Steve was standing in the middle of his street when I drove up, last July, to pay him and his wife, Karen, a visit. It had been eight years since we’d last seen each other and the person I saw was physically a fraction of the man I’d known. As I approached, he arched his eyebrows and shrugged apologetically, putting out his hands palms up. “No surf,” he said, shaking his head. The cove near his house in Malibu was flat. Then he added, with astonishing earnestness, “I don’t surf anymore. A.L.S. I have A.L.S.”
I’d heard the devastating news that Steve had amyotrophic lateral sclerosis, or Lou Gehrig’s disease, more than a year earlier, when he’d been diagnosed. But I’d been reticent to reach out until I could coördinate a visit. A neurodegenerative disease that atrophies the muscles, A.L.S. eventually impairs mobility and motor function, including speech. For Steve, it had meant a significant loss of muscle mass throughout his body and a decline in his lung function. He understood what was being said and what was happening around him, but his speech came in single, short sentences. He had stopped surfing in 2017, he was able to tell me, and rarely went in the water anymore.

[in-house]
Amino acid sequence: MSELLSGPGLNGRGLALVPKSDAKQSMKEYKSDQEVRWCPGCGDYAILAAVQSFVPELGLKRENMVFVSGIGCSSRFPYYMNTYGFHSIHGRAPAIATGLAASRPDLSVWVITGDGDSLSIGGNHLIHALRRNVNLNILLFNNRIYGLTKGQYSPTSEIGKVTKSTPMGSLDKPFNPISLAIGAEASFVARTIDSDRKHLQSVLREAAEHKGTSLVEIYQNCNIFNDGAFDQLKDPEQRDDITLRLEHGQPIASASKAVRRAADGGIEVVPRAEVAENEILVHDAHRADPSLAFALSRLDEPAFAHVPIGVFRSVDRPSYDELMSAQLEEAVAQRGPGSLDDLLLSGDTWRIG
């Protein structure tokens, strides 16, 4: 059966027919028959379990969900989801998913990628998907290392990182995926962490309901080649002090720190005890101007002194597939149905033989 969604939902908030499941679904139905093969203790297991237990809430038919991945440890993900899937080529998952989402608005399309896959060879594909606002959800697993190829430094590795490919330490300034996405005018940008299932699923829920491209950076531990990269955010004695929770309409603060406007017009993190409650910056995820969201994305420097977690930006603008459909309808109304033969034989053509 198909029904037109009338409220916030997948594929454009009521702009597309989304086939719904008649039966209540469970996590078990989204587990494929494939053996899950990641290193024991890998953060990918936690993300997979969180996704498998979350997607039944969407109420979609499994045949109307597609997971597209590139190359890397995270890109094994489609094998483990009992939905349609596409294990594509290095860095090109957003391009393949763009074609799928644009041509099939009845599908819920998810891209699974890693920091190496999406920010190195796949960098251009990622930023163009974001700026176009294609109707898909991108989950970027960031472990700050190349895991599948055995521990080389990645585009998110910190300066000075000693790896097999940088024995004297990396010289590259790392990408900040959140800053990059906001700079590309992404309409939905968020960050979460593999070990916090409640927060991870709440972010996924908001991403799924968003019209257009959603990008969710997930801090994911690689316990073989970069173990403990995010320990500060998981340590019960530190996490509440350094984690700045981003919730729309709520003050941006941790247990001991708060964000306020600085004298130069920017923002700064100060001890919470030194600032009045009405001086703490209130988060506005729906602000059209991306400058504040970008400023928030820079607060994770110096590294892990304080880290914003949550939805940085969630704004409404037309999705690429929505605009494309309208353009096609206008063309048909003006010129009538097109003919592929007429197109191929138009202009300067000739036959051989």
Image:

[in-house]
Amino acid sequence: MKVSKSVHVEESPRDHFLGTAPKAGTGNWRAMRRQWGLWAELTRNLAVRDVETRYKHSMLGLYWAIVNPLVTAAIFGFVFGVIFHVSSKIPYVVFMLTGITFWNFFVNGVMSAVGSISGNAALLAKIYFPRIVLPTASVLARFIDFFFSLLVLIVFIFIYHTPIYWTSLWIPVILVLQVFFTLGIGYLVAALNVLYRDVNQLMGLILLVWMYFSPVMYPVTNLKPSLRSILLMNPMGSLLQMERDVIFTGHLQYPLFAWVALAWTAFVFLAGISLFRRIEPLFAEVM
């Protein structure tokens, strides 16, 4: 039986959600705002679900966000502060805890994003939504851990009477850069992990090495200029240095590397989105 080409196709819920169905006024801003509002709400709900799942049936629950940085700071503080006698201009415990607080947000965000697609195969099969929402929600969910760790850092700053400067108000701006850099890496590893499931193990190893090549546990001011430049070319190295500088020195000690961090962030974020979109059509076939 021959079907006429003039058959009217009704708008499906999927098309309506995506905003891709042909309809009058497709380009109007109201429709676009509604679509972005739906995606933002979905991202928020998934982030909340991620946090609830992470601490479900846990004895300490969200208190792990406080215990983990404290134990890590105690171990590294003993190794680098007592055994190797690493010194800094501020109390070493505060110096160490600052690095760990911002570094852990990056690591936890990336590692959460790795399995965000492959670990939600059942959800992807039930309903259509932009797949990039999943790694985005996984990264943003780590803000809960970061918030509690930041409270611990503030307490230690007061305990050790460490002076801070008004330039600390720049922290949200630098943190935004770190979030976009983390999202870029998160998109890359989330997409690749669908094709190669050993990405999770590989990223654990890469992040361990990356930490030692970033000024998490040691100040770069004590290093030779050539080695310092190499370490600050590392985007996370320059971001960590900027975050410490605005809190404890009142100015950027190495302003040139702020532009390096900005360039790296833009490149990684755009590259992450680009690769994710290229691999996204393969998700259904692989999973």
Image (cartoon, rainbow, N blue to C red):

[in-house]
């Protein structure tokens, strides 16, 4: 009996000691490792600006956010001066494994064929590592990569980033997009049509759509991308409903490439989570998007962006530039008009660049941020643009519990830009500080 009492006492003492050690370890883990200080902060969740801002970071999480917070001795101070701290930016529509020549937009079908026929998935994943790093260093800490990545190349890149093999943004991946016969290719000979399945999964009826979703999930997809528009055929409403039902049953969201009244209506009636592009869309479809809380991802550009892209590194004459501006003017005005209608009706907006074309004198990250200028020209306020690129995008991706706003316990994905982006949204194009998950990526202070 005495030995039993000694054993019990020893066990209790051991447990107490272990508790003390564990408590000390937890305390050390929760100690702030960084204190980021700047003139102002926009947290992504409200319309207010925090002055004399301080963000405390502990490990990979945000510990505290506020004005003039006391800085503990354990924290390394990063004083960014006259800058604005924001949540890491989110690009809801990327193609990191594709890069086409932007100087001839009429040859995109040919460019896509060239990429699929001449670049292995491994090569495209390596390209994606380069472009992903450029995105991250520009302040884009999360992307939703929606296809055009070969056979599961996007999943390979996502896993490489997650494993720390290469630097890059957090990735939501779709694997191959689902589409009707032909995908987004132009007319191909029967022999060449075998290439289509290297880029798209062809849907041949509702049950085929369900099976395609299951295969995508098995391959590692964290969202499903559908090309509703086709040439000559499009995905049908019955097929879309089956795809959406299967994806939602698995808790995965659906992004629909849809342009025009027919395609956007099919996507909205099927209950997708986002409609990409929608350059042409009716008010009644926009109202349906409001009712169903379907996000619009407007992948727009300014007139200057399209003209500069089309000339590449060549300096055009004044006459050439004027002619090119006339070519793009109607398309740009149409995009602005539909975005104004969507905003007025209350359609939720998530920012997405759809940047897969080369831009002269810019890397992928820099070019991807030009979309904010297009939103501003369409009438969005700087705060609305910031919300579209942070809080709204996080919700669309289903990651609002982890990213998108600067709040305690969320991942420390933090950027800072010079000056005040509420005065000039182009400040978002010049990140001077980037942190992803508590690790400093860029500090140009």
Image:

I rode into Malibu on waves of regret. We’d both dropped the ball on our friendship—kids, jobs, family, with lives on separate coasts. Now, with Steve ambushed by A.L.S., I wanted to see him before too much time passed, to meet Karen and their son, Clay, again, and to talk about the places surfing had taken us. I wanted to learn from him, at last, how he pulled off the improbable miracle of “SpongeBob SquarePants.” But it was too late. He was unable to answer those questions himself anymore. The twinkle remained in his eyes, but the words wouldn’t come. Instead, I immersed myself in him in the only way I could. I called on his family, friends, and colleagues. And I went on a “SpongeBob” binge of dozens of early episodes of the cartoon, watching day and night, then the two movies and the hit Broadway musical.